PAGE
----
Microsoft Rebrands Enterprise Security Push as 'Forefront'

By Ryan Naraine  |  Posted 2006-06-12 Print this article Print

The software maker uses the TechEd spotlight to unveil a new suite of business security products across client, server and edge.

BOSTON—Microsoft's ambitious push into the enterprise security software market has a new name.

At the TechEd conference here, the software maker's SASD (Security, Access and Solutions Division) unveiled the Microsoft Forefront brand, a suite of business security products across client, server and edge.

The first product to assume the Forefront name is the Client Security anti-spyware application that is slated for release later in 2006.

Formerly known as Microsoft Client Security, the software was created in-house to compete in the red-hot market for desktop malware protection.

Forefront Client Security provides technology for malware protection for business desktops, laptops and server operating systems.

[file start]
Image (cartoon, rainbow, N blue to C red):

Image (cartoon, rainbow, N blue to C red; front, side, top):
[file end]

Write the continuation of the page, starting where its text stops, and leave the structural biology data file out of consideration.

For advice on how to secure your network and applications, as well as the latest security news, visit Ziff Davis Internet's Security IT Hub.

An early beta version has been made available to select customers, and a public beta is planned for the fourth quarter of 2006, said Steve Brown, Microsoft director of product management.

Brown said the application has undergone several revisions during the private beta period. In its latest iteration, Forefront Client Protection features a single agent providing real-time detection and removal of spyware, rootkits and other prevalent forms of malware.

This announcement comes at a crucial time for the Redmond, Wash., company, which is struggling to cope with a dramatic rise in malware infections on Windows systems.

Based on statistics culled from the company's MSRT (malicious software removal tool), Microsoft rates the danger from backdoor Trojans and bots as "a significant and tangible threat." Since the MSRT was first shipped in January 2005, Microsoft has removed 16 million instances of malicious software from 5.7 million unique Windows machines.

On average, the tool removes at least one instance of a virus, Trojan, rootkit or worm from every 311 computers it runs on.

Read the full story on eWEEK.com: Microsoft Rebrands Enterprise Security Push as 'Forefront'


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